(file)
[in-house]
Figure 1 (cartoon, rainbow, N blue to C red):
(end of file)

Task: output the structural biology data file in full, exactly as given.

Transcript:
[in-house]
Figure 1 (cartoon, rainbow, N blue to C red):